An employee of South Africa's blood service has been suspended after wrongly telling a student she was HIV positive to see how she would react.
The blood service has been embroiled in several controversies
She was on her way to class and had her mother's mobile phone, when the man phoned her up.
"I was utterly shocked and burst into tears," said the student, 19. "It was a very cruel joke. HIV/Aids is a serious matter that one cannot joke about."
The man then explained his "joke" and she hung up on him.
He later phoned back and apologised to the woman's mother.
"One tries to do something good, but I've taken my name off their list now," the student said.
Nicolette Duda from the South African National Blood Service (SANBS) said the matter was viewed very seriously and an inquiry had been launched.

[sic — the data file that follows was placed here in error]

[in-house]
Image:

She said she feared that it could put people off donating blood and stressed that anyone with "abnormalities" in their blood after screening was sent a letter informing them to visit a doctor.
The SANBS has been embroiled in a number of controversies, as it bids to screen blood for HIV in the country with the highest number of infections in the world - more than 4m people.
Earlier this year, gay activists were outraged after it said it would no longer accept blood donations from men who have sex with men.
Last year it was forced to change its screening procedures when it was revealed that they destroyed blood donated by black people, because it claimed they were at a high risk of HIV infection.
It emerged that President Thabo Mbeki's blood was destroyed because he was black and because his doctor had refused to complete the personal history questionnaire used to screen donors.
Mr Mbeki donated blood as part of a publicity campaign to persuade people to donate blood.